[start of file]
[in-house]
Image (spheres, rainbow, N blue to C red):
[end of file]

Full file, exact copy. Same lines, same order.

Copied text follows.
[in-house]
Image (spheres, rainbow, N blue to C red):